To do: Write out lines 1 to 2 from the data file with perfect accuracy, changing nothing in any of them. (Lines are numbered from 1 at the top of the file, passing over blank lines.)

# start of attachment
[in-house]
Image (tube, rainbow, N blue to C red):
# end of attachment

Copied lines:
[in-house]
Image (tube, rainbow, N blue to C red):